1898, April 22 – Letter from Rosalie Bauwens to finace Lewis Hesse

Rosalie recounts pro-war actions taking place throughout St. Louis, talks of Havana Harbor in Cuba, and expresses sadness that she has been seperated from Lewis for three months now.  Read a transcript of the letter below (original misspellings & all) or click on the image links to view the actual letter. As you read the transcript of the letter click on the links to view information & images about what they are discussing.


Click on a link to view the image: (some images can be further enlarged by clicking on them once they open)

Envelope Front     Envelope Back      Letter Page 1      Letter Page 2-3      Letter Page 4     Letter Page 5     Letter Page 6


Transcript of letter:

St. Louis, Apr. 22, 1898

My own dear Lewis:

It is now just 8 minutes after 9 o’clock and I just came home from J’s where I went to have a rump (??) with our little Myrtle.  She’s the sweetest little kid ever breathed dear I wish you could see her.  I just couldn’t go to bed this evening without writing to you Lu.  you must be thinking of me more than usual this evening or something, for I can’t get you out of my mind.  I just wish you were here just for a short talk this evening.  Well I’m doing the next best thing anyway, that’s writing.  Well dearest I hope you have had several good sound days rest since I wrote you last, and that you have gotten fully over your long stretch of constant work.  Well Lu I will now tell you of myself since Wednesday evening.  I slept sound when I went to bed, and spent a passable day at work, but Lu dear you have no idea what terrible exitement there is in the city every day since was has been declared, it’s just terrible, and honest it just keeps my poor nerves in a constant jump with the booming of canon and the unearthly yelling of the news boys with their extra papers and the hurrahs of men.  I can tell you my side pain lets me know it’s in existence quite often these last few days.  This afternoon a buggy went up Olive St. with two Spanish flags draging behind it in the dust, and all the news boys running behind trying to tramp on them.  Then again, on Calafornia Av. & Gravois Av. they hung a dummy and called it Shealer, to a post and the school children came late and gave for excuse that they had been stoning Whealer.  Most every house in town is decorated with flags and bunting, and every wagon buggy, car, bycicle or just everything that can carry a flag or wear a badge is wearing or displaying one or some a dozen.  Well our N. Atlantic squadrone, adn Geo H. with it is blackading Havana since about 9 o’clock this morning, and the “Nashville“, one of the gun boats captured a Spanish merchantman loaded with lumber off the coast of New Orleans to-day.  I tell you dear we are having exciting times here lately.  I wish you were with me.  Well Thursday night Dan O’brine was at the house again and J. & Myrtle came also.  J. & I got pretty hot words over certain things, I tell you I was good & mad for a time.  I will tell you when I see you what it was about, for I can’t write it to you.  See?  Well Lu dear I said my prayers and went to bed.  I slept good again and to-day I felt passibly well.  But the constant excitement wears one out terribly.  This evening I came home and amused myself on the guitar for a while and the Ott came over and I went with hi to Jennie’s and had a roll around on J’s bed with the little one.  Then I came home to write to you dear, and here I am, all alone in the front room seated in the arm chair, (the one you & I liked best you know.) at the center table writing and thinking of my own Lewis.  I am trying the best I can to forget about my dress, that I must make over, at least till I feel better.  Darling old sonny, do you know that to-morrow morning it will be just 3 great, long months since you left me on our sofa sick as the mischief?  Yes dear 3 months, 1/4 of a whole year, and how much further are we in accomplishing the purpose for which we parted?  I for one have made but little headway, but in about 3 weeks if I don’t get good and sick, I’ll have some good news to tell.  But Lu the time is so long to me, see dear I don’t mean to complain, but you can’t understand how lonesome I am sometimes.  Well dear it is now 10 o’clock and I must hurry to bed as I am so sleepy.  Well good night dearest and God bless you and keep you safe from sickness and harm and be with you in any good you may undertake So with ever so many kisses and another fond good-night I will always be your Very own ever loving, ever true sweet heart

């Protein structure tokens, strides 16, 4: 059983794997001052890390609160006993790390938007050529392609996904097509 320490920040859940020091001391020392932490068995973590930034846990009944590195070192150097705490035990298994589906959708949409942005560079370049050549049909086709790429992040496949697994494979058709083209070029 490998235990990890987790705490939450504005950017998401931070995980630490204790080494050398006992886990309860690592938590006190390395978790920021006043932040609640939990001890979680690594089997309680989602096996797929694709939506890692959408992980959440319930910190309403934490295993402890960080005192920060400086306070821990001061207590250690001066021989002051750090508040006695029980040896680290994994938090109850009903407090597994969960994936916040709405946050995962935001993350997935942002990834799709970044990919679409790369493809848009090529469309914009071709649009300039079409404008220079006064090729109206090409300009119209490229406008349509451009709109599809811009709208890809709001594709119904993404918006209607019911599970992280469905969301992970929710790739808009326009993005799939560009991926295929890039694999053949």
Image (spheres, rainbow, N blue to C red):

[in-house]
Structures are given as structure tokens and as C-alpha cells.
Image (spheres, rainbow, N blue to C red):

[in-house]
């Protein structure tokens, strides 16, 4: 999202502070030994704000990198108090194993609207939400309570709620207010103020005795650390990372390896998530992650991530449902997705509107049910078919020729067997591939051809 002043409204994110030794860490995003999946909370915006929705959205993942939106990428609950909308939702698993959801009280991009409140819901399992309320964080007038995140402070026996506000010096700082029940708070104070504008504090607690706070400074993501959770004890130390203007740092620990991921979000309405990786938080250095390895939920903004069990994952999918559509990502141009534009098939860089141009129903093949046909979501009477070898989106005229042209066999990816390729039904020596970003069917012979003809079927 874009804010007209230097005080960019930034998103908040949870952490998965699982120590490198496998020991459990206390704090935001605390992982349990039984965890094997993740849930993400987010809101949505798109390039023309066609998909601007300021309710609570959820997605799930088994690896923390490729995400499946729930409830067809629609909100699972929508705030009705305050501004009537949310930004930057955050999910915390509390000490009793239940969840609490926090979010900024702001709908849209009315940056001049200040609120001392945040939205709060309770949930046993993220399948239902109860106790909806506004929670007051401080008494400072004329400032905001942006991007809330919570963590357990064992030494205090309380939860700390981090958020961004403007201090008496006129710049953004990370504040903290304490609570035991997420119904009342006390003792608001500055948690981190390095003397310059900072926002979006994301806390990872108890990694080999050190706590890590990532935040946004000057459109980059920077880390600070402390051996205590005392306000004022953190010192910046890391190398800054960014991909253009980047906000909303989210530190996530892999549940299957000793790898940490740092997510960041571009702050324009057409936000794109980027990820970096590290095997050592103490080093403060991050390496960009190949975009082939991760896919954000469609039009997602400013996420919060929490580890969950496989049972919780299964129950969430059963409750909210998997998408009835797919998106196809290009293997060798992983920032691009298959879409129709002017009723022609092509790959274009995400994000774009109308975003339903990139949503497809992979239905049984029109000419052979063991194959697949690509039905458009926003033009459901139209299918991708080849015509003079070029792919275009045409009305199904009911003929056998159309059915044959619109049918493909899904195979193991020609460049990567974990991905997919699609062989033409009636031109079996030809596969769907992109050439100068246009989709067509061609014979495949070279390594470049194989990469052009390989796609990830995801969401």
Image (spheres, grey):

You will find the Irishman’s proof in this letter but you must send it back in your return letter.  Keep the proof in the dark please Dody with best love.  The Irish man looks cross and squints his eyes but otherwise it is exactly him, Gracious the cannon are shooting again, even as late as it is, Dody.


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